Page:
When Aaron Peskin was growing up in the late '60s in Berkeley, come holiday time he had to participate in the school Christmas play. That is, until his parents got involved. Wanting to enforce a separation of church and state, they helped put a stop to it.
"My parents helped organize a group who wanted activities like that taken out of the schools," he said. "That helped change the guidelines."
Peskin, who was elected last week to San Francisco's Board of Supervisors, recalled that incident as one of the most formative in motivating his political activism.
It's the "good old Jewish activist tradition that is for standing up for what's right," as well as "doing mitzvahs for your community," he said last week, just before leaving on a post-election trip to India.
Peskin, 36, who will represent District 3, was born and raised in Berkeley. His mother, Tsiporah, had come to the Bay Area from Israel to visit her sister, Sarah Shiryon, who was then the principal of the Hebrew school at Oakland's Temple Beth Abraham. She ended up staying as well.
Peskin's father Harvey is a retired professor of psychology at San Francisco State who has done research on the children of Holocaust survivors. His mother, who has a doctorate in social welfare, taught at U.C. Berkeley and ran a mental health clinic in the East Oakland Youth and Family Center.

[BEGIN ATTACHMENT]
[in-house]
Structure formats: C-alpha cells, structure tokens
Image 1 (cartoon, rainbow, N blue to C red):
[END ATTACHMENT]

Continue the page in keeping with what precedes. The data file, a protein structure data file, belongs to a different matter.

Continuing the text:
The family lived in Israel for a year when Peskin was 4, while his father taught at Tel Aviv University. While he's not fluent in Hebrew, he said, "I can get by."
Peskin had a Reform upbringing, became a bar mitzvah and attended Berkeley High.
Since he had always loved the outdoors, when he got to U.C. Santa Cruz, he quickly became involved with the forces to curtail growth and preserve the unique campus environment.
Since graduating from college, he has continued to work in the environmental field. Currently, he is the president of an environmental nonprofit that secures water rights for Native Americans in Nevada.
He is also president of the Telegraph Hill Dwellers, and now, with representing District 3, his provenance will include North Beach.
In San Francisco, he became known for leading the fight to save the Colombo building and preventing a Rite-Aid drug store from moving into the old Pagoda Theater.
Peskin is married to land use lawyer Nancy Shanahan. The couple visited Israel two summers ago for a month. Peskin said he goes every few years.
Peskin does not belong to a synagogue, saying that to him, Judaism "is really the force that has informed a fundamental belief about standing up for what's right."